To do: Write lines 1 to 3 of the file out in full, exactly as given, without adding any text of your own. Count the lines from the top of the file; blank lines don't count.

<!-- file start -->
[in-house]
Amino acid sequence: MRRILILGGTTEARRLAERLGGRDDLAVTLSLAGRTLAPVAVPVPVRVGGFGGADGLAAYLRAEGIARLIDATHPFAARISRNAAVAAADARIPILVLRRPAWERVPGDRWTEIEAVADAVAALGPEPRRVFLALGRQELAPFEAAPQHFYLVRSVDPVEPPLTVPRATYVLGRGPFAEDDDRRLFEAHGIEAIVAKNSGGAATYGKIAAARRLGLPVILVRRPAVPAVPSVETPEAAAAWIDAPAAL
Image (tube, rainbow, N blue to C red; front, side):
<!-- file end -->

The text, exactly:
[in-house]
Amino acid sequence: MRRILILGGTTEARRLAERLGGRDDLAVTLSLAGRTLAPVAVPVPVRVGGFGGADGLAAYLRAEGIARLIDATHPFAARISRNAAVAAADARIPILVLRRPAWERVPGDRWTEIEAVADAVAALGPEPRRVFLALGRQELAPFEAAPQHFYLVRSVDPVEPPLTVPRATYVLGRGPFAEDDDRRLFEAHGIEAIVAKNSGGAATYGKIAAARRLGLPVILVRRPAVPAVPSVETPEAAAAWIDAPAAL
Image (tube, rainbow, N blue to C red; front, side):